Enter the friends
Job 2: They went together to Job to keep him company and comfort him.
Eliphaz, Bildad, and Zophar, and later on Eliju come to visit poor, miserable Job. I think these guys get a bad rap from most people. The first three, at least, are friends of Job and when they arrive and see the pitiful shape he’s in they’re shocked, speechless and broken hearted. They can hardly bear seeing their friend like this. When they do speak, they do so in response to Job’s complaint and the things they say are the same sort of things Job might have said to them had their places been reversed. The debate that follows isn’t based on Job believing one thing and them believing another. Instead it’s about Job’s insistence that things aren’t working as he and his friends always believed they worked. They say, “Bad things don’t happen to good people, therefore, as surprising as it is, Job must be a bad person.” Job says, “I agree that bad things don’t happen to good people, but I’ve remained faithful to God and bad things have happened to me. Therefore, God isn’t following the rules.” The thing about Eliphaz, Bildad, and Zophar that needs to catch our attention is that they say all the same things we’ve said at one time or another.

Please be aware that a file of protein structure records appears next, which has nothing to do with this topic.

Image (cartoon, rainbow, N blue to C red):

Take Away: Do we trust God even when we don’t understand him?
He’s my friend, but…
2 Samuel 20: Amasa didn’t notice the sword in Joab’s other hand.
Following the defeat and death of Absalom David returns to Jerusalem, victorious but weakened. Soon, there’s another uprising led by Sheba. David realizes that he has to act decisively if he’s to hold Israel together. He shakes up his inner circle, replacing commander Joab with Amasa. The new general is given three days to rally troops to go after Sheba. Time passes and Amasa, for some reason, doesn’t report in and David, feeling time is of the essence bypasses Joab again, this time naming Abishai to lead the force. Being overlooked again angers Joab and with ruthless cunning he acts to regain his position. He, and those loyal to him, joins Abishai’s expedition to root out Sheba. When this group meets Amasa and the force he’s rallied, Joab approaches Amasa as though he’s going to warmly greet him. He then plunges a sword into him, killing him instantly. Amasa is now numbered with Abner and Absalom, all murdered by Joab. Before anyone can respond, he calls for unity in the name of David. In reality, it’s all about him and his power. Joab, though faithful to David, is a ruthless person but David never deals with him. However, he tells his son Solomon that Joab has spilled much innocent blood and that because of him his legacy is stained. I can’t help but wonder why David let Joab get away with it all. He’s David’s nephew but I doubt that has anything to do with it. I think the problem is that Joab serves David’s purposes so well. He’s on David’s side even though his actions aren’t approved of by David. We Christians would do well to study the relationship between David and Joab. Is it possible that we’re too quick to overlook wrong doing by our allies? If someone who’s on “our side” is behaving in an unethical way do we tend to look the other way? Christians are called to a high standard. That should include our reigning in or even disavowing our “friends” when their behavior violates that standard.